Flagstaff Preschool Expansion Pilot
FREQUENTLY ASKED QUESTIONS
How are you selecting the locations for the new classrooms?
We used a mapping process of first identifying the locations of all existing high-quality preschool sites and then overlaying that information with census demographic information obtained through the City of Flagstaff. This revealed the places in the greater Flagstaff area that lack access to high-quality preschool in proximity to single-parent families with children under 5-years of age. We believe that this population demographic will align most closely to our target of reaching 4-year-old children living in families between 101% and 250% of the Federal Poverty Level. With this information, we are currently in the final phases of finalizing the first two, of up to five, classrooms to be opened during the three-year pilot.
What was the process to select the curriculum?
Our process emphasized social-emotional and literacy development (as discussed by LAUNCH groups in the past) to identify the most effective, research-based curricula. After looking at several evaluation studies and works of research, we chose High Scope curriculum and the PATHS curriculum. View a list of research that informed this decision. You are encouraged to visit the curricula publisher’s websites to get more information about what each framework looks like.
How are we including math in the curriculum?
Math is embedded into the High Scope curriculum, as well as the other Arizona Early Learning Standards. High Scope takes an emergent curriculum approach, where learning is child-led and the environment is intentionally set up to support learning. Specific math and science materials are being added to the classroom that align with the ECERS-R (Early Childhood Environmental Rating Scale Revised). These materials target counting, comparing quantities, patterns and shapes, and logical math concepts.
What about using the preschool programs we already have?
The collective impact framework leverages existing resources and aligns those efforts to produce results toward a shared goal. The current data show that there are not enough existing spaces in preschool settings to support the need. This means that expanding one site or program over another will not have the desired impact on the children currently not being served. Furthermore, there is an eligibility gap for families needing services. We know that this problem has existed for years and have struggled to improve the situation. So, the solution will require a new approach. Read the report Expanding High Quality Preschool in Flagstaff: A Request to Support a Pilot Solution for the background that is the foundation for the preschool expansion pilot.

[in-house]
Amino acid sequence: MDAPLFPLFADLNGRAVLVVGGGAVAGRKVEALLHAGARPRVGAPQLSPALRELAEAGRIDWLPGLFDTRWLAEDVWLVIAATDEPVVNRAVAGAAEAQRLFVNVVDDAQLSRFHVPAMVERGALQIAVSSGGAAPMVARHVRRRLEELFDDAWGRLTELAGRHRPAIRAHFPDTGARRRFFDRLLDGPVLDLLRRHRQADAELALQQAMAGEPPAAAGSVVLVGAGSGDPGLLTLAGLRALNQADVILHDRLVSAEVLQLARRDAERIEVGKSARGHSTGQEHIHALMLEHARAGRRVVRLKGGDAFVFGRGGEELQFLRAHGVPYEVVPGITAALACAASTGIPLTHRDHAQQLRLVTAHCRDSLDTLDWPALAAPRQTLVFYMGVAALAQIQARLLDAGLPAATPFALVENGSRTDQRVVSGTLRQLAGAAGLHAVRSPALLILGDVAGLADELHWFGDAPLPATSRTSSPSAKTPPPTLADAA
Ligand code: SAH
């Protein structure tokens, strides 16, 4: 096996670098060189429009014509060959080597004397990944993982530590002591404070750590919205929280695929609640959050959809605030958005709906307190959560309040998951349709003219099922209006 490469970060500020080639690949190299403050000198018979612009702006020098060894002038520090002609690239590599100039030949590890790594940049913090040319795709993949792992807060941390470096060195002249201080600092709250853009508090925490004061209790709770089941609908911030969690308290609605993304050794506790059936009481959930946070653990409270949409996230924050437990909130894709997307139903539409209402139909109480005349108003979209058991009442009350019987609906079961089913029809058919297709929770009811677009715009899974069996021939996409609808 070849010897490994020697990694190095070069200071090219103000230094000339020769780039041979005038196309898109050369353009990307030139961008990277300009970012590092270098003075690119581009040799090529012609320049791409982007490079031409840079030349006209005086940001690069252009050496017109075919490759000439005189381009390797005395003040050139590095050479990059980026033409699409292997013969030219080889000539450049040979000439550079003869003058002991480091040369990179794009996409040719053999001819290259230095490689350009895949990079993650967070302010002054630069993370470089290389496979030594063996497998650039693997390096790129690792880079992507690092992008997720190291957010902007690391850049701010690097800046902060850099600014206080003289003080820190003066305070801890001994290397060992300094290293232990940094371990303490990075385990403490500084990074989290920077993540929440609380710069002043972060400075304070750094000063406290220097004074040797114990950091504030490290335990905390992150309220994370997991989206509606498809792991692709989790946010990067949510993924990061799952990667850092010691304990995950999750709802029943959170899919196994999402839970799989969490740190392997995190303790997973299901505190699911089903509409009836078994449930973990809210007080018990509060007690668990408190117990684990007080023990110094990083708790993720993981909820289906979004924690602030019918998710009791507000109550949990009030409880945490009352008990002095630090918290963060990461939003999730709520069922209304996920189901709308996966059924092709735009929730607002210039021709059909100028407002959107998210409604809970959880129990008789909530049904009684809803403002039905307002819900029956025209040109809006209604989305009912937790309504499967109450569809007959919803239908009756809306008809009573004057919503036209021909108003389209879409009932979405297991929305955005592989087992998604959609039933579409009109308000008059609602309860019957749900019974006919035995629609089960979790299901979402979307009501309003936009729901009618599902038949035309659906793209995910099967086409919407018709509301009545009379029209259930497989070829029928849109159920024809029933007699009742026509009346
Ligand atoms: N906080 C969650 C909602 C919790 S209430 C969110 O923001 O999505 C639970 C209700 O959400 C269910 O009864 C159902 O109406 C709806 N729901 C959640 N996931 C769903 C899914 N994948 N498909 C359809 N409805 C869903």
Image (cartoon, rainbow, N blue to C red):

What are we doing for children with special needs?
A major intention of the expansion pilot is to fill the gaps where children and families are not being served while we strengthen the work of existing providers. Four spots in each pilot classroom will be reserved for children with identified special needs who fall into the criteria of enrollment (101-250% FPL and not accessing another preschool service other than special education services at FUSD). Current preschool providers will continue to obtain support through professional development who are serving this population of children. We may see others adopt the curriculum and professional development offerings that will support this underserved population.